Celebrated guitarist John McLaughlin will be touring North America to present his new album, an outstanding jazz-rock fusion album titled Black Light. McLaughlin continues to push boundaries, incorporating Indian music, flamenco, electronica and other elements. He joins us in this exclusive interview.
Angel Romero – Your new album Black Light combines jazz-rock fusion with Indian, flamenco and other styles. Where did the inspiration for this album come from?
John McLaughlin – I have been actively studying music for 65 years. My mother was a classical violinist, and I began with classical music on piano. From the age of 11 years, I was exposed during the following five years, to the Mississippi Blues players, Indian classical music, Flamenco music and of course Jazz. It is clear that all of these different forms of music had a powerful impact on me.
During my teenage years, I studied all of the great blues players, and my studies then led me to Flamenco music, and then I was ‘captured’ by Miles Davis and his conception of Jazz. It was only later I began to study North and South Indian musical theory.
All of these influences continue to impact on me today. In my recordings such as “Black Light”, I am not trying to make ‘fusion’ music, I AM fusion music because my whole life is about my love of all these different forms of music, and they reveal themselves without me trying to reveal them.
AR – There is one piece titled “El Hombre que sabia” that has a strong flamenco flavor. Is this dedicated to the late Paco de Lucia?
Of course, you are right. Already in 2013, Paco and I were planning a duo recording for 2014.
‘El Hombre que Sabía’ is one of the pieces we were to record together. Since he died last February, we will never go to the studio again, so I decided to record this piece as a homage to him and his memory.
AR – Now that Paco has passed away, are you considering working with another Spanish flamenco guitarist? There are quite a few great ones out there.
Through working with Paco, I got to know many great Flamenco musicians. There is one particular guitarist I admire very much, his name is Vincente Amigo, and we have played together on a number of occasions. Another great guitarist is Juan Manuel Cañizares, and I used to skip school to hitch-hike to Manchester to see Pepe Martinez, and, of course, I got to know Tomatito through Paco and El Camarón, but Paco and I have such a long history going back almost 40 years, it’s particularly difficult for me to find someone to replace him.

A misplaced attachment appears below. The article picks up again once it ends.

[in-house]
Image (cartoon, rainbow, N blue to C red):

It’s the same with ‘Mandolin’ Shrinivas, who played mandolin in the Shakti group, he died last year at the age of 45, and after playing with him for 14 years, it is very difficult to find someone to replace him. Perhaps in time.
AR – You’ve been a mentor to many musicians. What have you learned from your band members?
I learn continuously from the band members. They are great musicians. My personal philosophy is that if I am not learning every day, then I am dead. They inspire me every time we play together, and on the inspiration they change me. I have to say that I am learning every day, not just from musicians, but from painters, poets, especially the poetry of ‘Chan’ which became ‘Zen’ in Japan.
AR – While some of other jazz fusion pioneers sold out to smooth jazz, you’ve always delivered forward thinking recordings where music is the priority versus FM airplay. What motivates you to keep playing and recording?
Passion. If there is no passion in the music, the music becomes flat, just like ‘smooth jazz’. I really do not like smooth jazz. To me it is not jazz. Passion in music is like having gas in your car. If you have no gas, the car stops. Passion is very closely connected to Love. I am in love with music in general, and great Jazz in particular. You should remember I grew up listening to Miles and Coltrane, and Jimi Hendrix and James Brown. Their music is passionate, and mine also.
AR – What are some unusual reactions you got during your live performances?
There have been performances where we have seen people getting up from their seat and dancing, probably because our music has much rhythm in it. Basically people know exactly what’s happening in the music and react spontaneously to the movements in the music, either by clapping, by cheering or even shouting.
AR – In a previous interview, we asked you about your guitars. What guitars are you using now?
For some years my guitars have been made by the great American luthier Paul Reed Smith. If you look inside the cover of “Black Light” you will see a photo of my current guitar which is truly a work of art. It is without doubt, the most beautiful electric guitar I’ve ever seen, and the inlay work on the fingerboard is magnificent. The synth guitar work on the album is also played on a PRS guitar equipped with a Fishman ‘Triple Play’ midi adapter. The acoustic guitar is a Wechter guitar which I played in concert and recordings with Paco and with the Guitar Trio with Al Di Meola.
AR – What new projects are you working on?
I have just finished mixing a recording of Paco and me made in 1987 at the Montreux Jazz Festival in Switzerland. I’m very happy this recording is finally being released after 28 years because it is a real document. It was a great night and the audience was totally wonderful.
Another project I’m working on at this time is a new East-West collaboration with singer Shankar Mahadevan, whom you may know has been singing in the Shakti group for many years. I’m very excited about this project because it is a completely new approach to the fusion of Indian classical and western classical music integrated with improvisation from both Shankar’s voice, and myself on acoustic guitar. This recording will hopefully be ready to be released next year.